The Dravida Munnetra Kazhgam’s demand for declaring the civilian deaths in the Sri Lankan conflict as genocide is an overstatement, especially in the context of this weekend’s vote at the United Nations Human Rights Council (UNHRC) on the U.S.-sponsored resolution on the island nation’s human rights record, well-placed official sources told The Hindu.
The broad contours of India’s thinking on the civilian deaths, political estrangement and withdrawal of the army from the previously conflict-ridden areas emerged three days ago. Official sources here said India had taken a tough stand on Sri Lanka’s handling of the post-war situation.
However, neither India nor other countries intended to term as genocide the civilian deaths that occurred in the last phase of the war between the Sri Lankan armed forces and the Liberation Tigers of Tamil Eelam that ended in 2009. India will get another opportunity to put forward its stand in the run-up to the voting. Despite the persistent demand by parties like the DMK that India spell out its stand, the government has repeatedly said it will take a call, depending on the wording.
At the formal adoption of a periodic review of Sri Lanka’s human rights record at the HRC working group in Geneva on Thursday, India appreciated Colombo’s recognition of the need for implementing the recommendations of the Lessons Learnt and Reconciliation Commission’s Report and promoting the trilingual policy. It also expressed the hope that the Sri Lankan government would speedily withdraw the armed forces from the northern parts and keep its promise to hold elections in the Northern Province within six months.
But sources said this was the normal diplomatic discourse practised at the U.N. The substance was in the middle of the statement. The sources said: “We also expressed our hope that the investigations of allegations of human rights violations and loss of civilian lives will be independent and credible and said we look forward to speedy resolution of the residual issues pertaining to the resettlement and rehabilitation process, where welcome progress has been made.”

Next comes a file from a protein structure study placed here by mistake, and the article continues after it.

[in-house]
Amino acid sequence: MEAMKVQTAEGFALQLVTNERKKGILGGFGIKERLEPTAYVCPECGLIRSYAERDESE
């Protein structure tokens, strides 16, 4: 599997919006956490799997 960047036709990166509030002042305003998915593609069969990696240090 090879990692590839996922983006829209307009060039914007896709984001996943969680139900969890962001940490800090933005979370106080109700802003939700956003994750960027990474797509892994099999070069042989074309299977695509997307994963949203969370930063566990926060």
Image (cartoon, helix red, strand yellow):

The statement also made it clear India’s impatience with Sri Lanka’s inability to address many of the issues since the last periodic review was held in November last. The silver lining, according to India, was in rehabilitation of the war-affected persons. This was an area where India would continue to provide whole-hearted support to Sri Lanka, the statement said.
The sources also sought to dispel the impression that any Indian support to the resolution was because the U.S. had piloted it. “These UPR discussions at the HRC, which have a four-year cycle and are in the nature of a peer review, are held independently of the expressed intention of the U.S. to table a draft resolution on Sri Lanka in the ongoing session…”
While all U.N. members are free to speak at the review, only HRC members can vote. Russia, China, Venezuela, Cuba and Iran spoke against the resolution which they said amounted to singling out a particular country for opprobrium. But many of the heavyweights, especially Russia and China, are not on the HRC this time.
As a result, the resolution that uses a strong language against Sri Lanka has a strong chance to sail through. Last time too, India sided with a U.S.-piloted resolution that won more votes, though Russia, China, Pakistan and many Asian countries sided with Sri Lanka. This time, the sources said, there were not many countries from Asia on the HRC, where positions are held in rotation. Japan could soften its stand as Sri Lankan President Mahinda Rajapaksa visited it recently